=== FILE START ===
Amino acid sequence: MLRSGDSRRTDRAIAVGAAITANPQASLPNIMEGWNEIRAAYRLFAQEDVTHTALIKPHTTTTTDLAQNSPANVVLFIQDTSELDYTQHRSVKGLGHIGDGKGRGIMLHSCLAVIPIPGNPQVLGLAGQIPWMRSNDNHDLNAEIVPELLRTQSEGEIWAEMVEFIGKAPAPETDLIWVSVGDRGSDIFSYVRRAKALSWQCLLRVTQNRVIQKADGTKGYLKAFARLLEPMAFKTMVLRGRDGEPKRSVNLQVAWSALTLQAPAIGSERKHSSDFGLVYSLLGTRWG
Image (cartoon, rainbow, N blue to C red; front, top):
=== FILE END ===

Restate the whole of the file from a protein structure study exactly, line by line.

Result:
Amino acid sequence: MLRSGDSRRTDRAIAVGAAITANPQASLPNIMEGWNEIRAAYRLFAQEDVTHTALIKPHTTTTTDLAQNSPANVVLFIQDTSELDYTQHRSVKGLGHIGDGKGRGIMLHSCLAVIPIPGNPQVLGLAGQIPWMRSNDNHDLNAEIVPELLRTQSEGEIWAEMVEFIGKAPAPETDLIWVSVGDRGSDIFSYVRRAKALSWQCLLRVTQNRVIQKADGTKGYLKAFARLLEPMAFKTMVLRGRDGEPKRSVNLQVAWSALTLQAPAIGSERKHSSDFGLVYSLLGTRWG
Image (cartoon, rainbow, N blue to C red; front, top):